Ipsos MORI has a fascinating piece of research looking at the generational differences in society called Generations.
It looks at four generational cohorts which have increasingly differentiated characteristics across a variety of metrics:
As the introduction to the full report sets out:
We’re at a key point in the influence of different generations on our society. We now have four sizeable and culturally quite distinct cohorts co-existing, as the chart below shows. It’s easy to miss this point when we discuss our national demographic profile, because we tend to focus on how the population is ageing. That is undoubtedly true – but it’s also vital to understand that the current old are still dying out, and they have very different values and attitudes to our future old.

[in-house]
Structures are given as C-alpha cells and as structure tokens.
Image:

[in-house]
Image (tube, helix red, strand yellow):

In his book The Pinch, David Willetts talks about how we’re at a point of “generational equipoise” , where the median person is around 40 years old and can expect to live to 80. We’re also at a point of balance between generations – and changes in how much each makes up of the population are driving significant shifts in the national balance of opinion.
What particularly caught my eye was the data on internet usage shared by Bobby Duffy (@bobbyipsosmori), which highlights the rate of growth of mobile access which is something I seem to end up discussing most days now. In particular it’s striking how the usage of mobile is different across the four generational groups that the research looks at:
The full internet and technology section of the analysis is here. It’ll be interesting to see how this cohort-based analysis develops in the future.
This article originally appeared on Simon Wakeman’s communications, marketing and public relations blog at www.simonwakeman.com.